Together we can…….

Educate, Advocate, and Support

The above information was gathered from the following resources:
http://www.webmd.com/allergies/foods-allergy-intolerance
http://www.foodallergy.org/files/welcomingguests_2010.pdf
http://www.todayinot.com/ce/OT04/CoursePage/

Also, join us for the Food Allergy Walk in Atlanta on October 2. Money raised will help research food allergies and anaphylaxis of which there is currently no cure. There is also a blog about the walk. There will be lots of fun festivities after the walk in Dunwoody, GA as well.

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Now my daughter has an egg allergy in addition to peanut.

Here we go. First, the peanut allergy and now a suspected egg allergy. I gave her a bite of real scrambled eggs and she made a face, spit it out and shivered. I watched her for a few minutes and then she developed some small red bumps or hives around her mouth. I gave her benedryl and started to cry. We are just getting used to her peanut allergy and now we have to be careful with eggs. The weird thing is that she eats french toast sticks and they have egg in them. I called the allergist and set up an appointment in September for another skin test. Poor baby. I hate doing it but we have to know and I am going to check for all the rest of the common allergens while we are there.

The nurse said for now, avoid all eggs. I asked her about the frozen french toast sticks and she said that for some foods like frozen, processed french toast sticks, the egg protein is weaker since it is much further away from a pure egg. It might have been cooked out or the processing weakens it. So what does that mean? Well, no bakery items obviously and no eggs. But everything seems to have egg in it! Some breads have egg brushed on the outside! Here goes my paranoia scale – up and away.

I found a good sheet for egg allergies to avoid so we’ll start here. How are you all managing out there allergic moms?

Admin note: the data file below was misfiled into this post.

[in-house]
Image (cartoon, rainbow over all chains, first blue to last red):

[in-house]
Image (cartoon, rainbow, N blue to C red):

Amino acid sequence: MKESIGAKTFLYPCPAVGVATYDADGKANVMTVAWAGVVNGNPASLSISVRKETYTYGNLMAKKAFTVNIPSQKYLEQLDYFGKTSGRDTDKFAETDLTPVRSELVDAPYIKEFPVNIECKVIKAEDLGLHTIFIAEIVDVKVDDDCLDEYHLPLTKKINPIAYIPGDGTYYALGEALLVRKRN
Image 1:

And what about flu shots and other vaccinations with eggs in them? More questions for the doctor I suppose.

Egg Allergy Information
http://kidshealth.org/teen/food_fitness/nutrition/egg_allergy.html

Foods to avoid with egg allergy –  print out for your wallet 
http://kidshealth.org/teen/misc/eggallergy_cutout.html

More egg allergy info
http://www.pccnaturalmarkets.com/health/1065007/

More Food Allergy Links

I scheduled an appointment with an allergist and we go next week. It won’t be pleasant doing the skin allergy test, but I need to know if my daughter is allergic to anything else in addition to peanut butter.

I just read on BabyCenter that it is normal to go through emotional stages when your child is diagnosed. I was most surprised by my panic about protecting my daughter and thinking of all the times she could have an attack – at daycare, on vacation, at a restaurant. It definitelly changes your mindset. I will feel better after the allergist appointment too.

I need to educate my husband – he just thinks we don’t need to give her peanut butter. Peanuts are in so many things! And if she had a mild allergy attack, she still could have a serious one in the future.

Here is a great list from someone who posted at BabyCenter:

“Maybe one of these links will help him understand what your dealing with, I think he’s doing like most parents and it’s just in a denial phase. It’s been said that we go through the 5 stages of grief upon diagnosis and I believe it. ”
http://www.foodallergy.org/ 

 
 
 
 
 
 
 
 
 
 
 
 
 
 
 
 
 
 
 
 
 
 
 
 
 
 
 
 
 
 
 
 
 
 
 
 
here’s another with a ton of links.